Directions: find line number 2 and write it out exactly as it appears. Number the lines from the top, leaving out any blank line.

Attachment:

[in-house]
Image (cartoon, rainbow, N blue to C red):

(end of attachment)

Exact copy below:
Image (cartoon, rainbow, N blue to C red):